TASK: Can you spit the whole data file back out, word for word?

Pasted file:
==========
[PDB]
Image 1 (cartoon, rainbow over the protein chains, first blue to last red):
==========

[PDB]
Image 1 (cartoon, rainbow over the protein chains, first blue to last red):